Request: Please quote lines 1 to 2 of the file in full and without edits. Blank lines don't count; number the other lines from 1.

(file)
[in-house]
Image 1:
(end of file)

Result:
[in-house]
Image 1: